Can Postpartum Medicaid Coverage Solve the Black Maternal Health Crisis?

Postpartum Medicaid extension legislation should be applauded, while understanding its limitations and seeking more solutions.

Teresa Janevic
April 17, 2024

Today marks the last day of Black Maternal Health week, a time to raise awareness about the deplorably high rate of maternal mortality among Black women in the United States. A key policy response has been to extend Pregnancy Medicaid (the type of Medicaid you may only be eligible for when pregnant) from 60 days to 12 months postpartum. Currently 46 states have implemented such legislation, making it one of the single biggest actionable items society has done to address the maternal mortality crisis. Such national consensus is a major accomplishment and should be applauded. While Medicaid extensions are a critical step in the right direction, our research suggests that alone it will do little to solve the Black maternal health crisis in many states.

States where Medicaid extension postpartum is unlikely to have a large impact are those which already have relatively generous Medicaid policies – but even many of these states have appalling outcomes when it comes to Black mothers. Take New York, for example, where a recently released maternal mortality review reported that non-Hispanic Black women had a pregnancy-related mortality rate five times that of non-Hispanic White women, and non-Hispanic Black women comprised 42% of pregnancy-related deaths but only 14% of live births.

It’s now been nearly a year since New York policymakers passed legislation to prevent postpartum maternal deaths by extending pregnancy Medicaid coverage from 60 days to 12 months postpartum. New York’s law grants this coverage regardless of immigration status (we discuss later why this is crucial). While it is too soon to measure the law’s impact on Black maternal morbidity and mortality, our ongoing research suggests that it is likely to have minimal impact on U.S.-born Black women in New York (and similar states), because they are not the ones who were losing insurance postpartum.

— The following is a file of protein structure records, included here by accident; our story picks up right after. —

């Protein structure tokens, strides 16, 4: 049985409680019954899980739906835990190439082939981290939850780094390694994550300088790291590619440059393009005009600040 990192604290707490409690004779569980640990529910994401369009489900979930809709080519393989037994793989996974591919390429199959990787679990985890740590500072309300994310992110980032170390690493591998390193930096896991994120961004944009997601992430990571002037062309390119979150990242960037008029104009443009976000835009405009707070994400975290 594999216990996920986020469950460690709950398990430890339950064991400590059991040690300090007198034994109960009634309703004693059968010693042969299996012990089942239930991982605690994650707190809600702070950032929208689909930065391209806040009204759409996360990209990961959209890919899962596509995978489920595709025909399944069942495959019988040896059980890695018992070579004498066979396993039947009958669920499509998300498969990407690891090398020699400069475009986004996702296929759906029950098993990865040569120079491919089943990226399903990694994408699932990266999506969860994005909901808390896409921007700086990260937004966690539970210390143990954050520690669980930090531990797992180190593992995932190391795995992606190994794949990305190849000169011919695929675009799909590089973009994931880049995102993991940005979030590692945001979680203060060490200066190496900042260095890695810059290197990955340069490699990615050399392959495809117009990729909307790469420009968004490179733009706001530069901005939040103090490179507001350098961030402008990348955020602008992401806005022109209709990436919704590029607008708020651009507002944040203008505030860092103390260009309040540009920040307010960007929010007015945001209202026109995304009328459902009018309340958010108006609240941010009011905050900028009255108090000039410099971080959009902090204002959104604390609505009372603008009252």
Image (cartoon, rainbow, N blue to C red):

Our own analysis of 2019 American Community Survey data estimates that in New York only 5% of Black women were uninsured in the postpartum period, possibly due to the earlier success of Medicaid expansion under the Affordable Care Act (ACA). The percentage is similar in all ACA expansion states combined (6%), compared to 16% in non-expansion states. Digging deeper, we found that the subset of Black women most likely to be uninsured postpartum is non-citizens: 12% in expansion states and 30% in non-expansion states. That means that the New York law is likely to have the biggest impact on immigrant Black women (as well as immigrants of other race or ethnicity), and lower impact on U.S.-born Black women.

Nevertheless, there are reasons for hope that this policy can improve Black maternal health in New York and other ACA expansion states.